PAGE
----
Margaret Lefranc and Stuart Ashman
Former U. S. Ambassador to the Organization of Economic, Cooperation, and Development in Paris Amy L. Bondurant stated, “Margaret’s paintings were part of a well-received exhibit, Breaking Boundaries, American Women Artists in France, circa. 1880–1930 by the US State Department’s Art and Embassies program. The exhibition included the first American women artists to study and work in France. Margaret lived in France from 1922 to 1933, where she received most of her art training. The lovely landscapes…that hung in our Residence were painted during her years in France and depict respectively the French countryside and the famous central park in Paris.”
Chatel Guyon, No. I ,painted in 1929 by Margaret Lefranc, is noted by the exhibition guide in Paris in 1991–2001, “The cubist influence and palette can be readily discerned.” This was her first landscape and that the Chatels were her first attempt at “depicting the bulk of a hill, ” according to Margaret. “You have a hill and changing light which affects the form—so different from studio painting.” She had visited Chatel Guyon in Auvergne or Central France with her parents. Toward the end of Margaret’s life when she was too ill to travel to accept the invitation to have tea with Ambassador Amy Bondurant in Paris, Sandra McKenzie told Margaret of the Paris exhibition to which Lefranc remarked, “I’ve come full circle, haven’t I?”
Stuart A. Ashman referred McKenzie to the particulars of the State Department exhibition. From starving artist to Cabinet Secretary Department of Cultural Affairs under Governor Bill Richardson in New Mexico, Stuart A. Ashman has an astonishing career. Born and educated in New York, he spent some years in Cuba. However, he started his impressive career in New Mexico in the 1970s as visual arts coordinator in Santa Fe at the Armory for the Arts, where later the Center for Contemporary Art would be housed and ironically the very place Ashman eventually would become Executive Director and Chief Curator. He briefly moved to California as President and CEO of the Museum of Latin America (MOLAA), but unequivocally his mark has really been etched in Santa Fe. Other positions but not exhaustive include Director of the Governor’s Gallery under former Governor Bruce King, Director of Museum of Fine Arts now known as New Mexico Museum of Art; Executive Director Museum of Spanish Colonial Art; and CEO International Fork Art Market in Santa Fe.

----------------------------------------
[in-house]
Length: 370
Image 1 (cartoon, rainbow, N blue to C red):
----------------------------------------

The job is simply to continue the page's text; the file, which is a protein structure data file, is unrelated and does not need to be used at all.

Sagrada Familia, a monotype in 1987 by Stuart Ashman was created at Pokrasso’s Graphics Workshop and inspired by Gaudi's cathedral in Barcelona when Ashman “had just returned home from the trip, after getting a tour of the site under construction, and riding in the contractor’s elevator.”
Margaret and McKenzie first met Ashman when he was stepping into the curator position at the Governor’s Gallery at the New Mexico State Capitol encouraged by Sandra D’Emilio, senior curator at the Museum of Fine Arts. David Turner had given Margaret a contract for a one-person exhibition at the gallery, but asbestos in the New Mexico State Capitol stalled her show for three years during repairs. After Ashman was hired, his solution with his first exhibition in 1992 was extremely well received and helped launch his successful tenure at the gallery. With Ashman’s initial and subsequent help, one exhibition led to another—three more to be exact for Lefranc—and in addition one featuring a traveling exhibition which included the artist. It originated from the Gene Autry Western Heritage Museum in Los Angeles, California, and was titled Independent Spirits: Woman Painters of the American West, 1890–1945. Margaret and McKenzie met Gene Autry in California at the opening before it traveled to Utah, Oklahoma and New Mexico. Later in 1996, Margaret received the Governor’s Award for Excellence and Achievement in the Arts, Painting, presented by Governor and Mrs. Gary Johnson in conjunction with an exhibition of Lefranc’s paintings at the Governor’s Gallery. Then there was the Paris exhibition.
Margaret’s works are part of the New Mexico Museum of Art collection. One hung in the office of the First Lady Barbara Richardson in 2004–2010, and years previously, another hung in the office of Governor John F. Simms during his tenure in 1955–1957.
Stuart A. Ashman is a man of many talents who catapults the careers of many artists into the national and international spotlight.
 Sandra McKenzie, President of the Margaret Lefranc Art Foundation, 1994–present, and friend of the artist.
 Stuart Ashman (1948), artist, photographer, author and various positions throughout New Mexico’s art world.
 Governor Bill Richardson (1947), New Mexico Governor from 2003–2011, member of the U. S. House of Representatives, 1983–1997 and 21st Ambassador to the United Nations from 1997–1998 under President Bill Clinton.
 Governor Bruce King (1924–2009), served three non-consecutive terms as Governor of New Mexico for a total of 12 years.
 David Turner, Director of the Museum of Fine Arts now known as New Mexico Museum of Art, 1983–1995.
 Lois Katz, A Lifetime of Imaging: The Art of Margaret Lefranc, 2007, Nouveau Ventures Unlimited, Inc., in association with the Margaret Lefranc Art Foundation, pg. 239.